How to evacuate safely with cats

How do you safely evacuate with cats?


Every now and then I see stories in the press about abandoned pets or people being turned away from shelters for having pets with them and I think, "I don't want to be these people". I live in an area that is not prone to disaster, but that doesn't mean I will never find myself in this situation.

I know that just like for humans, one must have emergency equipment with food, water (cat waste), anything medical, supplies, and so on. I do not ask about the contents of the emergency equipment. Rather, what I want to know is, suppose disaster strikes and I load the cats (in porters) and gear into a car and get as far away as possible. What now? How do I find emergency shelters for me and record them? Or is my best choice to go as far as possible and look for friends / relatives / internet people? After all, when it's freezing winter or very hot summer, we can't just live in the car for long periods of time.

So my question is, what do I need to do (a) in advance and (b) in an emergency to ensure a safe place for my pets?


Reply:


planning

The first thing to consider is planning. It is recommended that the supplies of supplies you need for your pets be kept in or near your shelter for at least a week. In an emergency, you should plan how you will handle your pets. You should also be aware that your pet is likely to react differently in an emergency than it would during normal quiet times. If you have an animal that is normally caged and are taking it out of the cage, make sure you have a shipping container or cage ready to keep the animal safe.

If you have more than one pet, make sure everyone knows what to do with each of your pets in an emergency and identify who is primarily responsible for each animal. In this way, the animals can be brought to safety instead of figuring out which animals still need to be rescued.

Finally as sad as it is to lose a pet, your life is far more precious than your pet's. Don't take great chances to save your pet. Running into a burning building to look for a loose pet is a losing bet. If the animal was loose, it may have already fled and run away. If you don't know exactly what is in danger of your pet being rescued, you are more likely to be injured than you can save it. Tell the firefighters where the pet is, if they can save it, they will.

Recovery after

Recently, an area about 10 miles from my home lost over 1,000 homes to an F4 tornado. The local veterinary clinics have been offering a free animal boarding facility for a week so that their families have the opportunity to get on their feet. This is quite common as a friend of mine offered them the same thing when they lost their home in a fire. So I would recommend you call your vet and see if they can help you or if they can refer you to someone who can help you.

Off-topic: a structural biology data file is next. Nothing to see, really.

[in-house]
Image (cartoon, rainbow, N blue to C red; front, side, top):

There are also some families who offer to care for animals until the families are able to care for their animals again. This is a risk, but if you can't afford to have your animals on board for the months it will take to rebuild, this might be an option. I assume that most of the people who provide this service do so in good faith. But I would still want to examine them before turning any of my animals over.

This is also something to plan for. Talk to your family and friends and find out if someone is ready to help you with your pets if necessary. This is also something to keep in mind if you need someone to look after your animals if you and your family are unable to do so. We have an arrangement for our dogs with one friend and our rabbits with another. So if anything should happen, we know they would be taken care of.



In addition to Chad's suggestions, I would recommend looking for places within reach that can accommodate pets and have a list in each direction that you are likely to need, sorted by distance (the probable evacuation distance for a hurricane is very different than for example for an earthquake).

I would also list the distance of the pet friendly places, as a mass evacuation usually involves congested highways and much slower than normal traffic - a place an hour away in normal travel conditions can take 8 hours to complete a mass evacuation.

You should also make sure the list is up to date so that you can call ahead to say that the hotels are pet friendly and that you can book emergency accommodation. If necessary, get ready to camp in the car with your pets - in cold weather it costs fuel but is doable.

A list of people with whom you have made arrangements, including phone numbers, directions, and distances, is also a good idea, as many animal shelters do not accept pets.

We use cookies and other tracking technologies to improve your browsing experience on our website, to show you personalized content and targeted ads, to analyze our website traffic, and to understand where our visitors are coming from.

By continuing, you consent to our use of cookies and other tracking technologies and affirm you're at least 16 years old or have consent from a parent or guardian.

You can read details in our Cookie policy and Privacy policy.